In the higher lands of the state a very slight elevation is sufficient to change the destination of the waters. In time of freshet the Penobscot actually mingles its head waters with the Allagash, the Aroostook, and the St. Croix. The Kennebec, with the present system of dams, may be added to this community of waters. The fellers of logs are able to direct the drift of the timber, in many cases, so that it will go down the Kennebec, the St. John, or the Penobscot.


Regarding the elevations in Maine, they may be considered as a continuation of the Appalachian chain, extending from Georgia to Katahdin. The form of the Maine mountains is often conical or otherwise of an interesting shape.

Megunticook in Camden is about 1457 feet in elevation, Green Mountain about 1533 feet, both of these are shown (pp. 145 and 256).

The elevation of Moosehead Lake is about 1100 feet above the sea. It is the highest large body of water in the east.

As to the count of lakes and ponds, that has been confused somewhat with their combined area. It has been stated that their number was 2222, and that their combined area was 2200 square miles. The coincidence will bear examination. Nevertheless, Mr. Varney states that on the maps of Maine there are represented 1568 lakes and ponds. We can testify to having found lakes which are not on those state maps, though we believe everything of the sort is shown 0n the Survey map. We should count it therefore, an undoubted fact that the reputed number of lakes is not too great.

We are informed that the state laws forbid the entire shutting off of any lake exceeding seven acres in area. That is to say, a right of way must be accorded to the lake if it is more than seven acres in extent. This provision, of Course, arises out of the insistence in ancient common law on the rights of the common man. It is thus impossible for any one to secure absolute property control in any extensive body of water, although he may own all the land bordering that body.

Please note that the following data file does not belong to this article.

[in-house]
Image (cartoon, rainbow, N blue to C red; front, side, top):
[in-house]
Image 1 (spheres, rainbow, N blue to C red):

Absolute ownership in little lakes has, however, been availed of in many instances by those who have stocked these lakes with fish. In one instance an owner used his rights in a commercial way, making a charge by the hour for fishing. His water was so well-stocked that the fisher was not without value received. Private ponds thus make available to their owner a supply of fish, and the raising of fishes is a minor industry. The hatcheries of the state will supply to a proper person stock for replenishing streams, and this without charge. It appeals to the imagination of many to own a private pond. Such persons may easily gratify their desires in Maine.

* Islesborough


WHATEVER is the basis of the perpetual allurement connected with  "old forgotten far off things," we find it in our nature, sometimes so compelling that the past seems more important than the present. Of course it is easy to overdo our love of the old. Life, however, has a breadth and richness dependent largely on its sense of continuity with the past. He who enjoys only the present cannot find as great pleasure as he who thinks of the present as a part of a great whole.

Whether or not it is rational, it is nevertheless true that the people of Maine derive a certain pleasure from the fact that there were settlements on their coasts before the time of the Pilgrims. The island of Monhegan was long a headquarters for fishing before any permanent settlement was attempted. Residents of Cushnoc, now Augusta, are conscious of a better historic sense since they know that Captain Gilbert reached the site of their city in 1607. The river was long an avenue of communication between the sea and the St. Lawrence. The carries are short.